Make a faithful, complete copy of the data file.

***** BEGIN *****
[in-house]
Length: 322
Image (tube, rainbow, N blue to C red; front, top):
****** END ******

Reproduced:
[in-house]
Length: 322
Image (tube, rainbow, N blue to C red; front, top):